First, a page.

ichigaya station - edo castle moat

What does Ichigaya mean?

OK, so I’ve wanted to write about Ichigaya for a long time, but it is connected to a few other place names which have made it difficult to cover until now. I’m just gonna through this out there now and say my gut instinct tells me none of the etymologies we’ll see today are correct and we’ll never know the true etymology. That said, there’s a little Ota Dokan connection, so heads up to all the Ota Dokan fans out there. Continue reading What does Ichigaya mean?

What does Ushigome mean?

牛込 Ushigome (Crowd of Cows) 。 。 牛 ushi cow 込 komi[i] swarming, huddling, amassed, crowded, “in bulk” 。 According to Japanese Wikipedia[ii], in 701, in accordance to the Taihō Code, a livestock ranch was established in this area. In fact, two were established which were sometimes referred to as 牛牧 gyūmaki a cow ranch and 馬牧 umamaki a horse ranch. These two locations came to be referred to as 牛込 Ushigome and 駒込 Komagome. The fact that there was a cattle/dairy ranch here in the Asuka Period is a known fact (it’s documented). The horse ranch is a different … Continue reading What does Ushigome mean?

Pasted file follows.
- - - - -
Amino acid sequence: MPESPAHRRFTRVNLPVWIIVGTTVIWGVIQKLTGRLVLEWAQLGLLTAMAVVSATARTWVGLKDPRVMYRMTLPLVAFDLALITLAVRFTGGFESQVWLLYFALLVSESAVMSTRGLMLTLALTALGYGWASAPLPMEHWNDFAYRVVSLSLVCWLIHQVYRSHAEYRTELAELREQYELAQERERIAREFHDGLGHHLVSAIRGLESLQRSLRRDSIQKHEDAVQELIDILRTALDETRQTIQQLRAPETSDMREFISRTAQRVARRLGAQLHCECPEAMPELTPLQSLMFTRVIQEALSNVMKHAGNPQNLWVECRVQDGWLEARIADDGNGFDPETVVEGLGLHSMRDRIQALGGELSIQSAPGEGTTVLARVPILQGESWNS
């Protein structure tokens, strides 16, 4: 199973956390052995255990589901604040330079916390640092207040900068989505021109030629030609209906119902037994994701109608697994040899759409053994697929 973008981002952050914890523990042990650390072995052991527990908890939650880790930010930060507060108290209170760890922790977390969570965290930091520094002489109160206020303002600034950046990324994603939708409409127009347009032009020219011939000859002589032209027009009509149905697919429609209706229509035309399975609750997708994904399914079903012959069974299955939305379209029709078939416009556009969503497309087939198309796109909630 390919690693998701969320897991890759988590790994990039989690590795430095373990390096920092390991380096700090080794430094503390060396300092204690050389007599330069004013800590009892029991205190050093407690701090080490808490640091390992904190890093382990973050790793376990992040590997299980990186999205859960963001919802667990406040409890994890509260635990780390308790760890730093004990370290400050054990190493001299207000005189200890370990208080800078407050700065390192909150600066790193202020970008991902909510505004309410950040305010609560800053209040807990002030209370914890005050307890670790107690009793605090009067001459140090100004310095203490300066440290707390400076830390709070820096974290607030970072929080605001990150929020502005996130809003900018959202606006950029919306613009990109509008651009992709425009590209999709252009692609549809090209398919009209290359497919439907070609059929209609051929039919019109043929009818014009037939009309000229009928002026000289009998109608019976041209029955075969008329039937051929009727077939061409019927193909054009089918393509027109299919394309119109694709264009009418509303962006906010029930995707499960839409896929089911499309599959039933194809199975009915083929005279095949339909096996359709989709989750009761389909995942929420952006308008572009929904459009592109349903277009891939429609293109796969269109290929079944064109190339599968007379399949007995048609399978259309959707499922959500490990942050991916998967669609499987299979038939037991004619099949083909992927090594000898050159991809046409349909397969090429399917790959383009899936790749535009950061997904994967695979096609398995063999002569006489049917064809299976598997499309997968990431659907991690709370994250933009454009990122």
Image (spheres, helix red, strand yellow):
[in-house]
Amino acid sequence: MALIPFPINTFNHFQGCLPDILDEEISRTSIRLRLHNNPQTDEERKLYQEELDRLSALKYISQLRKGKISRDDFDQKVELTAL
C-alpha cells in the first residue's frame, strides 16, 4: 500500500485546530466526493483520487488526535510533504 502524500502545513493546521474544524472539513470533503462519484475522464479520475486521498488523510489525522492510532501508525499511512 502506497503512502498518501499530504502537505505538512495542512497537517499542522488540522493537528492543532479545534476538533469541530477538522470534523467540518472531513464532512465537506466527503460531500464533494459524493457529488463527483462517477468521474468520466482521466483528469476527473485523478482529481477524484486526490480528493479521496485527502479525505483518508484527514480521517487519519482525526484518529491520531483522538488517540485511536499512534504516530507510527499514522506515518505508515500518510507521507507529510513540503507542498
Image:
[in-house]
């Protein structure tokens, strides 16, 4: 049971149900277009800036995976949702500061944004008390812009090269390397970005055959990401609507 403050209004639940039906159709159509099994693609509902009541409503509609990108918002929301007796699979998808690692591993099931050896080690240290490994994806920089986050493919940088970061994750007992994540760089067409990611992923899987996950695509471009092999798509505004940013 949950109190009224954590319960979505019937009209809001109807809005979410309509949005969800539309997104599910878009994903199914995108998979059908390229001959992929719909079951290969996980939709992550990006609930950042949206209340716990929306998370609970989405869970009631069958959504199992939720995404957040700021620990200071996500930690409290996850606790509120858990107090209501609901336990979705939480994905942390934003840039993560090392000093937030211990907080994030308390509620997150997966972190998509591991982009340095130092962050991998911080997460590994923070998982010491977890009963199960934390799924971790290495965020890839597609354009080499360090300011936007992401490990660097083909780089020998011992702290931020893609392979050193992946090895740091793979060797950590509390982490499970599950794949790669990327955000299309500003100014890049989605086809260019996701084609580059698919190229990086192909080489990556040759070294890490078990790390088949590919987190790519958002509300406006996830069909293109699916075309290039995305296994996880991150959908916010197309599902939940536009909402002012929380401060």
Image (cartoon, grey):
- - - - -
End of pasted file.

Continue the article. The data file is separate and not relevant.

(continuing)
Why is Shinjuku called Shinjuku?

新宿 Shinjuku (New Shuku → New Post Town) The word 宿 shuku (宿場 shuku-ba “rest town”) was used in the Edo Period to refer to post towns on the highway system connecting various feudal domains. When a certain daimyō built his lower residence in the area, a new post town was created on the Kōshū Kaidō post road and named “new post town.” The daimyō family who lived here was called 内藤 (Naitō), so the name of the town became Naitō–Shinjuku (New Shuku Naito). The name Naito-Shinjuku persisted until the 1920’s. As a post town, there would have been many places to drink and get laid. … Continue reading Why is Shinjuku called Shinjuku?